Last week’s stronger cash prices for feeder and fed cattle, along with softer Corn futures helped Cattle futures extend gains Monday, especially Feeder Cattle, which closed an average of $1.49 higher. Live Cattle futures closed an average of 31¢ higher, except for unchanged in the back contract.
Negotiated cash fed cattle trade ranged from mostly inactive on light demand to a standstill through Monday afternoon with too few transactions to trend, according to the Agricultural marketing Service.
Last week, live prices were $135-$136/cwt. in the Texas Panhandle, $136 in Kansas, $140-$143 in Nebraska and $141-$147 in the western Corn Belt. Dressed prices were $227 in Nebraska and $225-$232 in the western Corn Belt.
The five-area direct weighted average steer price last week was $140.84/cwt. on a live basis, which was $1.01 more than the previous week. The weighted average price in the beef was $2.20 higher at $227.83.
Choice Boxed beef cutout value was $1.62 higher Monday afternoon at $266.24/cwt. Select was 19¢ higher at $238.86/cwt.
Corn futures closed mostly 1¢ to 2¢ lower.
Soybean futures closed mostly 3¢ to 8¢ lower.
Major U.S. financial indices closed little changed Monday as investors paddled in place awaiting further data direction.
The Dow Jones Industrial Average closed 29 points higher. The S&P 500 closed 5 points lower. The NASDAQ was down 13 points.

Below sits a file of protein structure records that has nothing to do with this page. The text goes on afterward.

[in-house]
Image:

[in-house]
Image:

CME WTI Crude Oil futures closed $1.75 to $2.06 higher through the through the front six contracts.
The United States farm real estate value, a measurement of the value of all land and buildings on farms, averaged $3,800 per acre for 2022, up $420 per acre (12.4%) from 2021, according to the latest Land Values Summary from USDA’s National Agricultural Statistics Service.
United States cropland value averaged $5,050 per acre, an increase of $630 per acre (14.3%) from the previous year.
United States pasture value averaged $1,650 per acre, an increase of $170/ acre (11.5%) from 2021. From a percentage standpoint, pasture value was up the most — 17.7% — in the Northern Plains, where average value per acre was $1,330: Kansas (+23.3% to $1,850/acre); South Dakota (+16.0% to $1,230/acre); Nebraska (+14.8% to $1,240/acre); and North Dakota (+10.7% to $930/acre).
Regionally, average pasture value increases were among the least — 6.3% — in the Delta states, where average pasture value was $2,870/acre: Louisiana (+5.1% to $3,100/acre); Arkansas (+5.6% to $2,850/acre); and Mississippi (+8.9% to $2.700/acre).